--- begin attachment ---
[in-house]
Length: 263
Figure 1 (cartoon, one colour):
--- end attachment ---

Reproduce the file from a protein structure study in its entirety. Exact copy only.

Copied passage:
[in-house]
Length: 263
Figure 1 (cartoon, one colour):